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Men May Have Biological Clocks, Too

Some researchers say a man's age may affect not only his ability to father a child -- but the health of his offspring.
By
WebMD Feature
Reviewed by Louise Chang, MD

The biological clock may no longer be ticking on just the woman's side of the bed.

If current research is correct, a man's baby-making alarm may start to ring not too long after a woman's chimes its final warning toll -- around age 40.

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"I don't want there to be a panic, but I think it's safe to say that the father's age should be one of many factors couples should put into the equation when planning a family," says Karine Kleinhaus, MD, PhD, a researcher at Columbia University who recently spearheaded a study on paternal age and miscarriage.

Over the past decade -- and particularly during the last five years -- studies have been mounting indicating that the age of the father may affect the health of the offspring in more ways than one.

Risk of Birth Defects

Associations have been made between paternal age and the risk of birth defects and developmental disorders such as autism and Apert's syndrome, as well as mental illnesses like schizophrenia. Moreover, studies conducted by Kleinhaus and colleagues at Columbia University looked at some 90,000 births and concluded the older a man is when he conceives a child, the more likely his partner is to miscarry -- even when she is young, healthy, and has no other risk factors.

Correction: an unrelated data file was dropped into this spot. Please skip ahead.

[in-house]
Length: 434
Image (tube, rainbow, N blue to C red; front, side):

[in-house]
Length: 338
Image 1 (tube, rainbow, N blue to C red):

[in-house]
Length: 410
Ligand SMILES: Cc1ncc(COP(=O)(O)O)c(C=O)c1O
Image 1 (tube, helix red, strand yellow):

Many believe this is just the beginning of what there is to learn.

"What we know now may be just the tip of the iceberg, particularly regarding birth issues we don't fully understand. We are just beginning to look at the role of a father's age. And as time goes by it's likely we are going to learn a lot more," says Jeremy Silverman, PhD, a professor of psychiatry at Mt. Sinai Medical Center in New York City, and the researcher of a study that associated paternal age with risks of autism.

Aging Dads: What Goes Wrong

Like every system in the body, experts say the male reproductive organs have not been spared the ravages of time.

"First there seems to be some clear changes that happen on a purely chemical level as a man ages. He has lower testosterone levels, lower DHEA, lower estrogen, plus higher levels of FSH and LH, which signal pretty much the same thing in men as in women -- reproductive failure," says Hackensack University embryologist Dave McCulloh, PhD, director of laboratory services at University Reproductive Associates in Hasbrouck Heights, N.J.

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